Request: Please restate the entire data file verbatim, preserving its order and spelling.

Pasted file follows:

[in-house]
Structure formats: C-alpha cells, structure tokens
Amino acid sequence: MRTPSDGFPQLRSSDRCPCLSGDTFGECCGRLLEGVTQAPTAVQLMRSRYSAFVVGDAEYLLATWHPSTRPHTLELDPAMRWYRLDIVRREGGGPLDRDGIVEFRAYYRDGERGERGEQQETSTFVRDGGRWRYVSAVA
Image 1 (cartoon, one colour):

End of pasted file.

[in-house]
Structure formats: C-alpha cells, structure tokens
Amino acid sequence: MRTPSDGFPQLRSSDRCPCLSGDTFGECCGRLLEGVTQAPTAVQLMRSRYSAFVVGDAEYLLATWHPSTRPHTLELDPAMRWYRLDIVRREGGGPLDRDGIVEFRAYYRDGERGERGEQQETSTFVRDGGRWRYVSAVA
Image 1 (cartoon, one colour):